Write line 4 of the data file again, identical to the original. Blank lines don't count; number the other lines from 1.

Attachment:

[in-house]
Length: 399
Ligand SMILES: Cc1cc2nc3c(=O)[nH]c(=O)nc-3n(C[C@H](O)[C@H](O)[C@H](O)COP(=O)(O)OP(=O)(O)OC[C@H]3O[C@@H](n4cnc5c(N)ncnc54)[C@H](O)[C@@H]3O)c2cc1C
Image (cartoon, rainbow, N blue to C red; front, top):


Image (cartoon, rainbow, N blue to C red; front, top):